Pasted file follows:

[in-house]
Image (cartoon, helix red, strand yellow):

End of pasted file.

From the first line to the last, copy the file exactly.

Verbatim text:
[in-house]
Image (cartoon, helix red, strand yellow):